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According to wikipedia, the Earth is about 4.543 billion years old. If I understand correctly, this number is based on radiometric age-dating of meteorites. So basically, the logic is this:

  1. We've got this material
  2. We can show that it's about 4.543 billion years old
  3. We haven't found anything older.
  4. Therefore this is probably about the age of the Earth

However inference 4 seems a bit problematic. How do we know that the Earth isn't significantly older? Could it be 5 billion years old? Could it be 8? Discounting the big bang theory, could it be 13 or even 15 billion years old, using only what we know about the science of the Earth?

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    $\begingroup$ The thing you're missing is that science isn't based on logic, it's based on empiricism. And that is a very significant thing. $\endgroup$ – Davor Jul 13 '18 at 22:00
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    $\begingroup$ @Davor -- Science is so much more than merely empirical. -- Hop on over to Philosophy Stack Exchange and search on "Philosophy-of-Science" tagged questions. You'll be amazed. Truly. $\endgroup$ – user23715 Jul 14 '18 at 3:18
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    $\begingroup$ @Davor, I think that's an interesting comment. However... $\endgroup$ – goblin Jul 14 '18 at 4:55
  • $\begingroup$ ...I also agree with @user23715 that how science achieve its goals is pretty complicated, and I wouldn't really dismiss logic quite so readily. A further comment: the question is specifically about how certain we can be that the Earth isn't a great deal older than the currently-accepted number. It's not about how science works, it's about "can we be sure of this?" So in some sense at least, how science works is irrelevant to this question. $\endgroup$ – goblin Jul 14 '18 at 4:58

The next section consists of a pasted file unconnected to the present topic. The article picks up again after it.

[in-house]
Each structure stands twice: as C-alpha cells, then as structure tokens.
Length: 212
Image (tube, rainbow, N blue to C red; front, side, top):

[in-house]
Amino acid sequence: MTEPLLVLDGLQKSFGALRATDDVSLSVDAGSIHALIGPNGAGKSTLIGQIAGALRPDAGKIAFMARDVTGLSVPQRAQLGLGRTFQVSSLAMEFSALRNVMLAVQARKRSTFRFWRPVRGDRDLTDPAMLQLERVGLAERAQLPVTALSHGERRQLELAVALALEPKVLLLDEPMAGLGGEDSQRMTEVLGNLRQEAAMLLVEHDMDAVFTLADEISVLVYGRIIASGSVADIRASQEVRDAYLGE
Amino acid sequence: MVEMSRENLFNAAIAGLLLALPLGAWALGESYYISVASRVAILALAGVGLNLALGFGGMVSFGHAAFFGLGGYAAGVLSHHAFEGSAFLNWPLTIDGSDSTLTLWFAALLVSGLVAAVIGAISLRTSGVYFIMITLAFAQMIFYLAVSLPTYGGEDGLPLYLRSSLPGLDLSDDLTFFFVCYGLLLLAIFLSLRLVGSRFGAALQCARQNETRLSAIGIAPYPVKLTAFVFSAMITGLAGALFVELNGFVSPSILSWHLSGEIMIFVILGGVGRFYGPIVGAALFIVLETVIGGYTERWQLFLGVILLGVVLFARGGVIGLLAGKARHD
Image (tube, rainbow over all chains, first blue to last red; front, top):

• $\begingroup$ @user23715 - I'm very familiar with various philosophical arguments, don't worry. I also give them very little credence because they have about as much evidence supporting their claims as young earth creationists. $\endgroup$ – Davor Jul 14 '18 at 19:31
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The age of the solar system is 4.6 billion years. We know that because almost all meteorites are 4.6 billion years old¹. Therefore, that puts a very solid upper boundary to the age of the Earth.

According to solar system models, it took between 10 million and 100 million years for the Earth to form in the early Solar System. That result is consistent with the independently estimated age of the Earth of 4.54 billion years old. The Earth could maybe be 10 million years older, but it certainly couldn't be older than the solar system.


None are older. We've never found a meteorite from outside the solar system. I expect some scientists would have given an arm and a leg for the opportunity to sample some rocks from interstellar Oumuamua but it was not possible.

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    $\begingroup$ I'd bet you're right, but the logic, as you've presented it, is not sound. The age of meteorites would put a minimum limit on the age of the solar system, not a maximum limit. Could you go into more detail on that? $\endgroup$ – jpaugh Jul 13 '18 at 19:07
  • $\begingroup$ @jpaugh I believe the logic is that out of many many thousands of samples, all of them less than 4.6 billion years, the probability of the real range of possible ages being significantly different is low. Read the bit about the german tank problem what-if.xkcd.com/65 $\endgroup$ – wedstrom Jul 13 '18 at 20:05
  • $\begingroup$ @jpaugh The uncertainty in the age of the solar system is rather small. The age of the solar system puts an upper limit to the age of the Earth. $\endgroup$ – gerrit Jul 13 '18 at 20:19
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    $\begingroup$ It might be worth noting in your answer that the Moon Rocks put a 'very solid lower boundary to the age of the Earth' as well. -- This helps limit possible models for the Earth's evolution while also working as a check against presumed processes of plate tectonism in the very early Earth. $\endgroup$ – user23715 Jul 14 '18 at 3:17
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The ages are not the only piece of information that we have. Gerrit covered most of the age issue in his answer.

To summarise: We know the age of the solar system (4.5-4.6) and the oldest material we have on earth is 4.4.

To add to that, we know that the composition of the Earth is very similar to what we would expect from having formed in the solar system. If the Earth was here from before that, why would it have the same composition? Therefore, we have to conclude the the Earth formed together with the solar system.